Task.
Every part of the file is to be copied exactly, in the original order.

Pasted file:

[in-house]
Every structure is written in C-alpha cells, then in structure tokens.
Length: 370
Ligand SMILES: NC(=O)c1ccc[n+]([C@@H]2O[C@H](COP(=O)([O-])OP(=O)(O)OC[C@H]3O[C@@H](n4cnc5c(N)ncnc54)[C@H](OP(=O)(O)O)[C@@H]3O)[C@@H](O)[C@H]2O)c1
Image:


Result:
[in-house]
Every structure is written in C-alpha cells, then in structure tokens.
Length: 370
Ligand SMILES: NC(=O)c1ccc[n+]([C@@H]2O[C@H](COP(=O)([O-])OP(=O)(O)OC[C@H]3O[C@@H](n4cnc5c(N)ncnc54)[C@H](OP(=O)(O)O)[C@@H]3O)[C@@H](O)[C@H]2O)c1
Image: